If ever ABC thought it had a hit, it's Dinosaurs. After the runaway success of Fox's The Simpsons proved that audiences of all ages enjoy kiddie shows with a sarcastic streak, the prospect of a sitcom with talking dinosaurs created by the late Jim Henson's special effects team must have struck ABC as surefire.
And it is, sort of. As you probably know by now, Dinosaurs isn't a cartoon; its prehistoric creatures are moving figures, marvels of technical design. A top-secret combination of up-to-the-minute electronics and costuming, they make Alf look like a paper-bag puppet. Dinosaurs fits right into its cushy Friday-night showcase spot nestled between the hits Full House and Family Matters. It's a family sitcom about the Sinclair clan in 60,000,003 B.C.: Beefy papa Earl, a massive, cigar-chomping megalosaurus; his wife, Fran, a prim, tall, blue allosaurus; and their trio of attractively scaly children, 14-year-old Robbie, 12-year-old Charlene, and the newly hatched Baby, who in the premier episode scrambled out of his egg yammering, ''Love me, love me, love me c'mon!''
Not so fast, kid. At this point, Dinosaurs is easy to admire, tough to love. Its premise working-stiff Dad coping with his wiseacre family-crosses The Honeymooners with Married...With Children, and the banality of this setup befits a show whose executive producer is Michael Jacobs, the man who gave us My Two Dads and Charles in Charge. There's nothing new about the attitude the show takes toward family life: It's hell (or, in early prime time, heck). Trying to weasel out of doing his math homework, Robbie moans, ''I don't get it: If this is 60,000,003 B.C., why is next year 60,000,002? Why are we counting backwards? What are we waiting for?''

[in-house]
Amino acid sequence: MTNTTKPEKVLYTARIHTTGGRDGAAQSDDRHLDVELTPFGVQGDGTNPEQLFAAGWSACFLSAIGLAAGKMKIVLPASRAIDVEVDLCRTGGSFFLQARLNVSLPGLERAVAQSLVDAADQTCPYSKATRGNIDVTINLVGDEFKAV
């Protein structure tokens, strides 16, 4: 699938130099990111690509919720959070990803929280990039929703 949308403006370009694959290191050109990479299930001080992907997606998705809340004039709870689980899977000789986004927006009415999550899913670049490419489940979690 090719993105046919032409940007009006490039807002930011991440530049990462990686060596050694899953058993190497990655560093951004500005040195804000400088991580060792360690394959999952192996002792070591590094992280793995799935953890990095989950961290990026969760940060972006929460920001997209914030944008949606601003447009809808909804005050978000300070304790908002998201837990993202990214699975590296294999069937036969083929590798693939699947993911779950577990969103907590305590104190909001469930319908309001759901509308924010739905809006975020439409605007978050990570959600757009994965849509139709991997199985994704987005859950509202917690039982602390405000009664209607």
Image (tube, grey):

Much of the humor on Dinosaurs is of the Flintstones sort gags that cast modern items in prehistoric terms. While making dinner, Fran watches the Dinosaur Shopping Network; Earl wears a hard hat and labors as a ''tree pusher'' he clears forests for new dinosaur condominiums. Whenever Earl reaches into the refrigerator for a beer, he has to wrestle it away from the food supply: live animals being kept in there on ice. ''Where are the vegetables?'' daughter Charlene asks at one meal. ''Dinner ate the vegetables, dear,'' replies her mother.
Among the performers supplying the dinosaurs' voices are a few well-known actors. It's easy to pick out Sally Struthers' whine as Charlene, for example, and Amen's Sherman Hemsley is a terrific grouch as Earl's boss, a triceratops named B.P. Richfield. (In one of the show's few stabs at Simpsons-style satire, some of the characters sport the names of modern fossil-fuel companies: Richfield, Sinclair; Earl's best friend is Roy Hess.)
But the vividness of the voices only adds to Dinosaurs' problems after a while, you begin to notice that these marvelously designed creations really don't have very expressive faces. The eyebrows waggle, the mouths move up and down, and a few facial muscles twitch, but these sitcom characters can't really execute a convincing double take or slow burn when the script requires it.
Dinosaurs is one of the few projects to survive the acrimony around the merger that Jim Henson was negotiating with the Disney company before his death last May, and the Disney influence can be felt in a symbolic way in this project. The characters in Dinosaurs are much less like fuzzy, warm Henson Muppets than they are like the impeccable but cold figures that populate the live-action exhibits at Disneyland and Walt Disney World. Maybe Dinosaurs will be the pop-culture smash that ABC hopes, but there's another possibility: that the characters in Dinosaurs are not quite cuddly enough for kids and not quite funny enough for grown-ups. B-